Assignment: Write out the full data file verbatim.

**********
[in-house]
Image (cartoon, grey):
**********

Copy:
[in-house]
Image (cartoon, grey):